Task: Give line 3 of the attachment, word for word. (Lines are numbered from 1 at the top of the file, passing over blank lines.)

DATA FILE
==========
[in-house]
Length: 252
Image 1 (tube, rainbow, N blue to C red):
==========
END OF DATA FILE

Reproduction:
Image 1 (tube, rainbow, N blue to C red):